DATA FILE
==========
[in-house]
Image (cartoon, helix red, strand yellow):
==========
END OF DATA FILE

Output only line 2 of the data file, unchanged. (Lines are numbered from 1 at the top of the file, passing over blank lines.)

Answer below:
Image (cartoon, helix red, strand yellow):